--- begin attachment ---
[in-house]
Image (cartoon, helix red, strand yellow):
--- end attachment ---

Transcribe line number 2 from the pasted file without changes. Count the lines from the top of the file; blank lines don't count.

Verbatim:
Image (cartoon, helix red, strand yellow):